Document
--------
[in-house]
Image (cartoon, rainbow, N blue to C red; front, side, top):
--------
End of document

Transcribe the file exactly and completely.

[in-house]
Image (cartoon, rainbow, N blue to C red; front, side, top):